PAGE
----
Two years ago Donald Trump lost the popular vote but still managed to become President thanks to the Electoral College. Americans now have the opportunity to weigh in on his performance, and early returns in many states are pointing to a significantly higher-than-normal turnout for a midterm election. By late Saturday, more than 33 million Americans had already cast their ballots.
The President’s name may not be on the ballot, but make no mistake; now we exist in Trump’s universe and it’s all about him.
A recent NPR/PBS NewsHour/Marist poll had two-thirds of respondents saying Trump will be a factor in their midterm votes. A similar poll taken before the midterm elections of 2014 found that then president Barack Obama would be factor in voting for only 47% of respondents.
As everybody and their mother has said in recent days, the results of the November 2018 elections will hinge on turnout.
Local Republicans have relied on below-the-radar networking for much of their voter motivation in the past; the question in 2018 will be how many of those neighborhood doyens have stuck with the party.
Nearly 19.7 million Californians are registered to vote in this election. That’s 78% of eligible Californians, the highest number heading into a gubernatorial election in almost 70 years. Increases in voter registration since September are another indication of interest.
There are about 850,000 more registered Democrats than four years ago. About 200,000 more have been added to the voter rolls over the past few weeks.
Republicans have lost around 270,000 voters since the eve of the last gubernatorial election but have added some 60,000 since September.
No Party Preference voters have surged, growing by nearly 1.3 million since Brown won reelection in 2014 and adding more than 300,000 registrants since September.
As of November 2, Democrats voting by mail in San Diego County have returned 38% of the ballots mailed out to them; Republicans (who historically early vote in higher numbers) have returned 36% of their ballots.
No Party Preference and third party voters have sent in 26% of their ballots. None of this data tells you how people voted, so it’s silly to get too worked up over these numbers one way or the other.
What I am worked up about are the horrible numbers of returned ballots for younger voters of all parties: 10% for the 18-34 age group, 15% for voters 35-49 years of age. Old farts like me have returned 44% of our ballots. (Early voting data via PoliticalData.com)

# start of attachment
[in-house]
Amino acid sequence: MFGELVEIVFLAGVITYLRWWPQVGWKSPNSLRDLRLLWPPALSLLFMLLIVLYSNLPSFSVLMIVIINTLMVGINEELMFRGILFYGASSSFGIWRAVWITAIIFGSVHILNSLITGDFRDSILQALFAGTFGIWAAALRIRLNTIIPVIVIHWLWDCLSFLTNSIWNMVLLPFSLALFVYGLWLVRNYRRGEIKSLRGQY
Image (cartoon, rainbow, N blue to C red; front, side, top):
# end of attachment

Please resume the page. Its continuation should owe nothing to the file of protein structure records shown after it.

The one thing I have seen this year differentiating it from past elections has been the breadth and depth of
For what it’s worth, I think the Democratic Party nationally will have a good night. But post-election vigilance locally seems like a sensible idea.
Once the votes are cast, the real drama will begin, at least here in California. Our state is painfully slow in counting votes. In a year with many tight contests, along with a President looking for personal validation, I’m worried about possible negative outcomes having nothing to do with vote totals.
In other Red-leaning states, the name of the game has been voter supression. Between Gerrymandering, closing polling stations in minority neighborhoods, egregeously enforced voter id laws, and questionable purges of voter rolls, the GOP has tried to stack the deck.
Former Congresswoman Ellen Tauscher, writing at Medium.com, says to look for the Trumpanistas to use post-election day maneuvers to the same effect in California.
Every day as the count drags on — 7 days, 14 days, 21 days — — Trump will continue to weave his fake narrative of voter fraud, 280 characters at a time, to delegitimize the election and Democrats’ potential control of the House. He will whip up his rabid base into a frenzy of intimidation, all by design to threaten county registrars and employees as they come and go from work.
Her remedy for this scenario:
California’s Secretary of State needs to send official observers to every contested county registrar’s office to ensure they are complying with all state laws and are not caving to intimidation by GOP lawyers and protesters. Local law enforcement must be prepared to keep the peace as “citizen militias” inevitably descend at Trump’s whistle upon these county elections offices.
The Democratic legal infrastructure — in Washington and California — must be ready to counteract every Republican dirty trick Trump and the GOP will pull in courtrooms and in the court of public opinion. And Democratic spinmeisters should be ready starting
Democrats failed to prepare in 2000 because no one imagined that the Presidential election would hinge on 500 votes in Florida and something called “hanging chads.”
But, this year, there is no excuse for
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